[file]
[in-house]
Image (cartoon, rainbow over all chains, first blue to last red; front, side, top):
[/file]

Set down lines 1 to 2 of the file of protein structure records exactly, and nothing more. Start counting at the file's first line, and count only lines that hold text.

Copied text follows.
[in-house]
Image (cartoon, rainbow over all chains, first blue to last red; front, side, top):